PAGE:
If one wants to be taken seriously in the world of policy analysis, one should at least use an internally consistent framework. This consideration, apparently, has not troubled Mr. Riedl.
To quote from The fatal flaw of Keynesian stimulus, in the Washington Times:
Last week, the Congressional Budget Office released a report claiming that the $814 billion “stimulus” has added 3.4 million net jobs.
Such implausible analysis does not come from actually observing the post-stimulus economy. Rather, it comes from Keynesian economic models that have been programmed to conclude that government spending injects new dollars into the economy, thereby increasing demand and spurring economic growth. In other words, these models are programmed to conclude that stimulus spending always creates jobs and growth, no matter how the economy actually performs.
Well, not quite. As I described in this post, there are a variety of ways in which multipliers are obtained. Oftentimes, the impacts are estimated either directly or indirectly, by estimating the marginal propensity to consume. The article continues:
But there is one problem with the government stimulus theory: No one asks where Congress got the money it spends.
Congress does not have a vault of money waiting to be distributed. Every dollar Congress injects into the economy must first be taxed or borrowed out of the economy. No new spending power is created. It is merely redistributed from one group of people to another.
It is intuitive that government spending financed by taxes merely redistributes existing dollars. Yet spending financed by borrowing also redistributes existing dollars today. The fact that borrowed dollars (unlike taxes) will be repaid some years later does not change that.
Here, I think Mr. Riedl is invoking Ricardian Equivalence, despite the fact that there is no empirical evidence, to my knowledge, that validates pure Ricardian Equivalence (actually, Ricardian equivalence wouldn’t necessary hold for government spending on goods and services, anyway). Now, at this juncture, I thought that he might be invoking a real business cycle model, or an older, nonstochastic version of the RBC, namely a flex price Classical model. But then the next paragraph reads:
Some believe stimulus spending is the mechanism by which the Federal Reserve injects new dollars into the economy. Yet the Fed could run the printing press and then inject those dollars into the economy by buying existing bonds (with mostly inflationary results). It doesn’t need an expensive stimulus bill to conduct monetary policy.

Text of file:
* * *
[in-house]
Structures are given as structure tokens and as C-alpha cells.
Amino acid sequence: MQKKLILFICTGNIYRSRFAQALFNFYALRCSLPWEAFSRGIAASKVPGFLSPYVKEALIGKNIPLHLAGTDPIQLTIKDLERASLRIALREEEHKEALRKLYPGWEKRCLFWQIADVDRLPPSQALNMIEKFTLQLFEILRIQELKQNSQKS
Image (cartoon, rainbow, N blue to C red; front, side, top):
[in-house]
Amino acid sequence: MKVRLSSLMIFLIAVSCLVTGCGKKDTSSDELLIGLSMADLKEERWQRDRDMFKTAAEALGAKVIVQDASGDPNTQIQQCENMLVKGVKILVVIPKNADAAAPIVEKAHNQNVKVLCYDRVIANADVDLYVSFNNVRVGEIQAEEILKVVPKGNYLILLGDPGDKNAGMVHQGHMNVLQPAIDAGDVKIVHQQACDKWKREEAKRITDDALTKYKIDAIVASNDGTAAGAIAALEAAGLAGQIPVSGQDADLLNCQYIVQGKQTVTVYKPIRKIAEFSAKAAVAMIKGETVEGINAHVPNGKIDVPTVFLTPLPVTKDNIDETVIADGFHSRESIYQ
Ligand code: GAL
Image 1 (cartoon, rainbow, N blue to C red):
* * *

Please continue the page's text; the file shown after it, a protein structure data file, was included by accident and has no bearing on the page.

Accepting that the Fed can stimulate via monetary policy then implies either (1) sticky prices so an expansionary monetary policy can affect the real interest rate, or (2) a financial accelerator model such that collateral constraints or some other financial rigidity holds. In the latter case, it seems prima facie that Ricardian Equivalance cannot hold.
Next, I was thrown for a loop, because Mr. Riedl seems to conflate real saving and the monetary multiplier. He argues that government deficits can only be financed by foreign saving, private saving and “idle saving”. This he describes thus:
Idle savings. The only government spending that truly increases current purchasing is the amount that would have otherwise sat idle in safes and mattresses. Those are the only dollars not already circulating through the economy as consumption, or through the financial markets as investment spending.
Idle savings are rare. People and businesses generally invest or bank their savings, where the financial markets transfer them to other spenders. Banks that receive savings either lend them out to a spender, or (when afraid to loan) invest them conservatively to earn some interest. They are not hoarding customer deposits in massive vaults (beyond the required cash reserves).
This is an odd conflation of saving, measured as a flow, and financial assets. But lets take the equation at face value, there is an incredibly counterfactual observation that there no reserves are behing held in excess of required cash reserves. According to the St. Louis Fed, excess reserves are now approximately $1 trillion dollars. Well, no need for facts to get in the way of a good polemic.
Mr. Riedl’s main point is:
All government stimulus spending requires first borrowing dollars that would have otherwise been applied elsewhere in the economy. The only exception is money borrowed from “idle savings,” which for reasons described above likely constitute a minuscule portion of the $814 billion stimulus.
As I’ve mentioned here and elsewhere, this is true in a full employment model. (I’m working off of textbook models; move to coordination models, or allow monopolistic power, and you have lots of other inefficiencies arising).
Mr. Riedl concludes:
Economic growth requires raising worker productivity to create more goods and services. Government stimulus spending represents a naive “magic wand” attempt to create purchasing power and wealth out of thin air.
No wonder the unemployment rate remains high.
Well, if we’re in a Classical world, then there is no involuntary unemployment. If we’re in a New Classical world, then whatever involuntary unemployment exists is not systematic. If there is involuntary unemployment, then there are resources that are not being utilized, and putting them to use naturally raises productivity (remember labor productivity is defined as output per man hour).
It pains me to say that Mr. Riedl is a graduate of the University of Wisconsin, in economics and political science.
Postscript: Here is Deutsch Bank’s assessment of the impact of the ARRA on the growth rate of GDP.
Figure 1: Dobridge, Hooper, Slok, Sufian, “The growing risk of fiscal drag in the US,” Global Economic Perspectives, New York: Deutsche Bank, July 28, 2010.